Sunday, November 17, 2013

Brogan v. United States case brief

Brogan v. United States case brief summary
522 U.S. 398 (1998)


CASE SYNOPSIS
Petitioner union officer sought review of a decision by the United States Court of Appeals for the Second Circuit which affirmed his conviction for accepting unlawful cash payments from an employer and making a false statement within the jurisdiction of a federal agency in violation of 18 U.S.C.S. § 1001.

CASE FACTS
Petitioner union officer was convicted of accepting unlawful cash payments from an employer and making a false statement within the jurisdiction of a federal agency in violation of 18 U.S.C.S. § 1001. He argued on appeal that his answer of "no" to agents' questions during initial investigation was an "exculpatory no," the central doctrine being that a simple denial of guilt did not come within § 1001.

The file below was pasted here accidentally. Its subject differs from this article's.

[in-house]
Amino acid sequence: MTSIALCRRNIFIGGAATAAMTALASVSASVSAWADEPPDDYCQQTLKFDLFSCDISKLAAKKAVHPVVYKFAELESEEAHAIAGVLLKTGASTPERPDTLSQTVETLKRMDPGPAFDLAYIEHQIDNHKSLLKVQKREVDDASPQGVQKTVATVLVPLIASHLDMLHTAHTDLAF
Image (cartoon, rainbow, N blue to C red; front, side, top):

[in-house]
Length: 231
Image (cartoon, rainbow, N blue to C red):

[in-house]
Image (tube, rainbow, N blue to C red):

DISCUSSION

  • The court affirmed the conviction and held that § 1001 covered "any" false statement, and the word "no" in response to a question assuredly made a "statement." 
  • The court held that the plain language of § 1001 admitted of no exception for an "exculpatory no." 
  • The court held that neither the text nor the spirit of the Fifth Amendment, U.S. Constitutional Amendment V, conferred a privilege to lie. 
  • Proper invocation of the Fifth Amendment privilege against compulsory self-incrimination allowed a witness to remain silent, but not to swear falsely.


CONCLUSION
The court affirmed and held that petitioner union officer's denial of guilt to federal agents during the initial investigation did come within the statute, and the plain language of the statute admitted of no exception for an "exculpatory no." A witness could remain silent, but could not swear falsely.


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